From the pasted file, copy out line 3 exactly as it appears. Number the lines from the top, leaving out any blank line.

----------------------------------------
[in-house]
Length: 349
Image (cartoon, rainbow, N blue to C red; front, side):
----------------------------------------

Image (cartoon, rainbow, N blue to C red; front, side):